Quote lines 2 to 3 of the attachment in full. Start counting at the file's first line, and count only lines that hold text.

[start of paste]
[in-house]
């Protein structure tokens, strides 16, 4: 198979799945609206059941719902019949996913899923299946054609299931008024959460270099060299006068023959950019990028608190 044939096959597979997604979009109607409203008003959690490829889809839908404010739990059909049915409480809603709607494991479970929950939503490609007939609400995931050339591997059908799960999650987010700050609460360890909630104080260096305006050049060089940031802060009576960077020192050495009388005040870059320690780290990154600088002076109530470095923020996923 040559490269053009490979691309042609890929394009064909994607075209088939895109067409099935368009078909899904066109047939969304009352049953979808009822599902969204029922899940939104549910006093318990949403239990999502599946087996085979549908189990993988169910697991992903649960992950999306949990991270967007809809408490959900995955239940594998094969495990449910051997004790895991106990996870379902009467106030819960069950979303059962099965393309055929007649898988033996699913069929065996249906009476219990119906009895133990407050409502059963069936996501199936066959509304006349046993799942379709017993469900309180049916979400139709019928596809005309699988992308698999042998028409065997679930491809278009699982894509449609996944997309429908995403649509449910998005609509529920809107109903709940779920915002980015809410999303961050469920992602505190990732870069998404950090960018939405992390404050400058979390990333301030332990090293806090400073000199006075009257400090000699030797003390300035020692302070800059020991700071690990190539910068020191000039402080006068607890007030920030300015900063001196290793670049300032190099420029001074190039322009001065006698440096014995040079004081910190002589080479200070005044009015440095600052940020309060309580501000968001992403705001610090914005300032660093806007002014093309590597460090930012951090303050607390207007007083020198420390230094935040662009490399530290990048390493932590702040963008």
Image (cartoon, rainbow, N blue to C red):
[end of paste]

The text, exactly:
């Protein structure tokens, strides 16, 4: 198979799945609206059941719902019949996913899923299946054609299931008024959460270099060299006068023959950019990028608190 044939096959597979997604979009109607409203008003959690490829889809839908404010739990059909049915409480809603709607494991479970929950939503490609007939609400995931050339591997059908799960999650987010700050609460360890909630104080260096305006050049060089940031802060009576960077020192050495009388005040870059320690780290990154600088002076109530470095923020996923 040559490269053009490979691309042609890929394009064909994607075209088939895109067409099935368009078909899904066109047939969304009352049953979808009822599902969204029922899940939104549910006093318990949403239990999502599946087996085979549908189990993988169910697991992903649960992950999306949990991270967007809809408490959900995955239940594998094969495990449910051997004790895991106990996870379902009467106030819960069950979303059962099965393309055929007649898988033996699913069929065996249906009476219990119906009895133990407050409502059963069936996501199936066959509304006349046993799942379709017993469900309180049916979400139709019928596809005309699988992308698999042998028409065997679930491809278009699982894509449609996944997309429908995403649509449910998005609509529920809107109903709940779920915002980015809410999303961050469920992602505190990732870069998404950090960018939405992390404050400058979390990333301030332990090293806090400073000199006075009257400090000699030797003390300035020692302070800059020991700071690990190539910068020191000039402080006068607890007030920030300015900063001196290793670049300032190099420029001074190039322009001065006698440096014995040079004081910190002589080479200070005044009015440095600052940020309060309580501000968001992403705001610090914005300032660093806007002014093309590597460090930012951090303050607390207007007083020198420390230094935040662009490399530290990048390493932590702040963008």
Image (cartoon, rainbow, N blue to C red):